So if that is the way that an AI chess-playing robot works (and again, I am simplifying things), then how is AI not superior to human intellect? I would make the case that there are several pieces of evidence supporting that AI is of inferior intelligence, and to think otherwise is the single biggest misconception about AI.

Superior or inferior?

Let’s go back to the chess-playing robot example, but for the sake of discussion let’s assume that the robot is playing its very first game of chess. As such, it has absolutely no data to go on. The best that a computer can do in this type of situation is to make random guesses as to what might be the best move. Sure, the computer will learn over time, but during that first game the computer might as well be picking its moves by flipping a coin.

Now consider a human who is playing chess for the first time. Let’s suppose that the human knows the rules of the game and the end objective (just as the computer would), but has zero experience with actually playing chess. Even though the human might not have any experience to draw from, they aren’t forced into taking completely random guesses. The human can derive cues from external sources, such as their opponent’s facial expressions. The point is that early on, the human is using true intellect while the computer is taking random guesses. Even later on, the human is still using intellect, while the computer is doing little more than analyzing statistical data.

If you need more evidence that AI is not a replacement for human intelligence, consider that human beings are extremely versatile with regard to their capabilities, whereas today’s AI systems tend to be single purpose. With that in mind, let me give you a really simple example of why even the smartest AI systems are no match for human intellect.

misconception about AI

Suppose for a moment that an AI chess-playing robot has played trillions of games and has accumulated so much data that no human has the slightest chance of being able to win against it. With that in mind, imagine that the robot is playing an outdoor match against a human player when it suddenly starts to rain. The human realizes what is happening, and either opens an umbrella or seeks shelter. The AI system, on the other hand, is completely oblivious to the changing conditions and keeps on playing just as it was programmed to.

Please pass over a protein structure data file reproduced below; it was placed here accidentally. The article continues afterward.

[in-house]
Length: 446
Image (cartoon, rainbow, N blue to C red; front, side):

Of course it would be relatively easy to outfit a robot with a rain sensor, but that’s beside the point. Even if an AI system could mimic all of the human senses (which is technologically possible), it cannot possibly be programmed to recognize every conceivable stimulus and to react accordingly. For a human on the other hand, reacting to stimulus is second nature.

Nothing more than tools

Although AI may be better at certain specific tasks than humans are, AI systems are ultimately nothing more than tools. Tools have one purpose — to extend human capability. I can’t drive a nail into a two-by-four with my bare hand, but a hammer makes the task easy. Just because a hammer has capabilities that I don’t,does not mean that the hammer is going to replace me or become my overlord. Like AI, the hammer is a tool that helps humans complete tasks more efficiently.

Photo credit: Bago Games

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1 thought on “Let’s terminate the biggest single misconception about AI”

  1. A Hammer cannot think on its own and neither can an AI today. If you told me that a Hammer could think on its own and decide to drive the nail into my head rather than the wall, I would be worried about the Hammer too…